• Our hope-filled future is bound up in sharing the story of Jesus, in discipling others, in bringing those disciples together into communities of believers, and in developing and releasing those believers to create other communities... till Jesus the King comes again!

Team or community?

What is a team?  And what is a community? 

To put it in as simple terms as I can, a team is a group formed around a task and a community is a group committed to life together as the people of God.  In our World Team Global network, we can easily confuse these two, mixing them so closely that they create misunderstanding and ministry stagnation.

Much of the confusion arises from false expectations that we may each bring to a team or a community.false expectations

One false expectation is that one’s team will automatically be his/her community.  This may or may not be the case.  One’s community might be best found outside of one’s team.  It’s a discussion we should not shy away from; one that would probably help our teams process and discern what community would look like for each member.  It would give us insight as to what kind of community would serve to best enhance each one’s ministry growth.

However, when one ‘demands’ that his/her team be the needed community, and when that ‘need’ is not met by the team, a good deal of heartburn can occur; frustration that derails a team from its primary mission.

A second false expectation is that we will only find true community with people from one’s same culture.  As cross cultural workers, we have chosen, following God’s call, to ‘adopt’ another people and culture.  Yes, it’s not easy to make the transition.  And yes, it’s not easy to worship and to ‘live in community’ in another language that is not one’s own heart language.  However, the richness of His grace is so much sweeter when one enters into and engages in community across another culture.  One’s heart can learn to worship in another heart language.

A final false expectation is that team and community are places where we will ‘feel good’ all the time; it will be like a ‘family’.  Both team and community, according to the Scriptures, call for robust and honest dialogue and can at times pass by moments of tension.  However, a good team and a good community know how to work through conflict and tension; just as a good family does.


Community and the Gospel

In his groundbreaking book on the history of revivals, Richard Lovelace makes this insightful comment: “Few know enough to start each day with a thoroughgoing stand upon Luther’s platform: you are accepted, looking outward in faith and claiming the wholly alien righteousness of Christ as the only ground for acceptance, relaxing in that quality of trust which will produce increasing sanctification as faith is active in love and gratitude. In order for a pure and lasting work of spiritual renewal to take place within the church, multitudes within it must be led to build their lives on this foundation.”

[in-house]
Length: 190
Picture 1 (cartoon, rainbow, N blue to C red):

gospelcommunityIn our World Team Global circles, we are used to hearing the phrase: “preaching the Gospel to yourself every day”.  By that we mean to say our hold on the Gospel is tenuous and our hearts need to be reminded of the deep love of Christ each and every day in order for us to live out of the Gospel.

However, when we say that we must ‘preach the Gospel to ourselves every day’, I think we often read that reminder as an individual effort.  Whereas, the Scriptures appear to place this act of remembering in a community context.

And you shall remember the whole way that the Lord your God has led you these forty year in the wilderness that he might humble you, testing you to know what was in your heart.”  (Deuteronomy 8:2)

And when he had given thanks, he broke it, and said, “This is my body which is for you. Do this in remembrance of me.””  (1 Corinthians 11:24)

We can easily miss this truth as our English translations of the Bible do not distinguish between an individual ‘you’ and a collective ‘you’; something that many other languages have embedded in their structure and grammar.

The Bible underscores the critical importance of the community in preaching the Gospel to our hearts. Others are part and parcel of the process by which the Gospel is driven deeper and deeper into our hearts.

So if community is that important in the remembering process, then we need to go looking for that kind of community where we live and minister.

Yet we hesitate from seeking that kind of community.  I know I don’t, and I know you don’t like it when others try to ‘speak into our lives’; when the community seeks to be part of our growth process.  Oftentimes people just do not do a very good job of ‘speaking the truth in love’.  Yet, there is always some element in the words of others that can cause growth in our understanding and application of the Gospel.  Living out the Gospel in community and living in community through the Gospel is not an event, but a process whereby we learn to discern God’s voice to us through others.

I need to preach the Gospel to myself regularly.  I also need to call on others to speak the Gospel to me out of our community bond in Christ.

Gotta go all the way